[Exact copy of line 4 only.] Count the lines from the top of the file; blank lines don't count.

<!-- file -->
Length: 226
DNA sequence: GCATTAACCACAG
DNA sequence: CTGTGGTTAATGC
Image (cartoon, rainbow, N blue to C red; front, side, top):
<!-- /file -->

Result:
Image (cartoon, rainbow, N blue to C red; front, side, top):